Soon after Sept. 11, 2001, local artist John West Townsend’s Gobi Designs was commissioned to paint a 60-foot mural on the side of a Carbondale barn. The mural was to be a traditional rendering of the American flag.The stars and stripes had previously cropped up in Townsend’s work, in 1999’s “Independence Glance,” a work on an aluminum press plate. The mural, however, a straightforward replication of Old Glory, put Townsend in the same mood of superpatriotism that gripped much of the country back then. Townsend began repeating the red, white and blue icon, framing them in the rough barn wood that had collected over a 50-year period on the McClain Flats property of contractor Kenny Moore, giving the flags an aged and noble look.”It was a patriotic statement,” said the 35-year-old Old Snowmass resident, who goes by the name of West. “It was solidarity after 9/11.”
Things have changed over the last three-and-a-half years. The United States launched war against Iraq. The country divided into distinct color fields of blue and red. Few feel that sense of American solidarity that was evident in the last third of 2001. Townsend’s unblinking patriotism turned into a questioning stance.Townsend, who has been making art since his teens and feels “out of synch” when he isn’t making art, didn’t give up on the stars and stripes. But the traditional red, white and blue didn’t seem like a statement consistent with his feelings. Instead, he kept with the theme, but altered things. Various colors, from pink to black, replaced the standard red, white and blue. The design elements were rearranged. And with these slight adjustments, art that reflected unquestioning support was transformed into pieces that forced questioning. Townsend’s recent work is made with the same materials, in the same style, and is still instantly recognizable as representations of the American flag. But it is almost the mirror image of the original work.”Now that we’ve gone to war, George W. Bush has been re-elected – they’re more question pieces now,” said Townsend. “They question my country: ‘Where are we going?’ They just make you think.”Townsend has dug even deeper into the issues of America – what comprises it, how can it hold together? And how can its various parts be represented? His most recent work reflects these thoughts, and again, it was just the simplest of artistic maneuvers that bring that out. In these pieces, the design elements are further scattered, with blocks of wood separating stars and striped into their own discrete neighborhoods. It conveys a different idea than the earlier issue of loyalty to the country; now Townsend is probing the many factions that make up the United States. Add to that the unusual colors and their connotations – Pink for homosexuals? Yellow for optimists? Black for doomsayers? – and the work raises the issue with bottomless opportunity for examination.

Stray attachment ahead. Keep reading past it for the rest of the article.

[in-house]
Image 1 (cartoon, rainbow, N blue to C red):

“There are so many different people and cultures that run together in this country,” said Townsend, a native of the Chicago suburb of Oak Park, who moved to the Roaring Fork Valley in 1997. “The red, white and blue is somewhat limiting. We’re a country of, what, 300 million people? The American flag is red, white and blue, very traditional. But our country is so large and so varied.”Townsend continues to see the work as patriotic – and not only the work, but also himself . A 17th-generation American who traces his family history in the New World to the 1680s on his father’s side and the 1750s on his mother’s, Townsend says, “I’m about as American as you can get.”The questions that Townsend is posing in his art are getting plenty of attention. At the Aspen Artists Cooperative, the locals-only gallery at Aspen Highlands that Townsend founded and manages, he has sold 17 flag pieces since the beginning of 2005, a number that amazes even himself. Among the visitors to the gallery was a leasing agent for the Empire State Building; two of Townsend’s 10-by-8-foot pieces are now housed in the midtown Manhattan building’s lobby. Townsend, who is now showing his work at the Red Brick Center for the Arts, is pleased to see his takes on a vital icon of America attracting so many eyes.
“I made them as questions,” he said. “I want people to question their beliefs in their country.”Stewart Oksenhorn’s e-mail address is email@example.com
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